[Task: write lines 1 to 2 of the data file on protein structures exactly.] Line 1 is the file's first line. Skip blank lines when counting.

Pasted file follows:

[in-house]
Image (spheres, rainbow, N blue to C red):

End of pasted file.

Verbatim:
[in-house]
Image (spheres, rainbow, N blue to C red):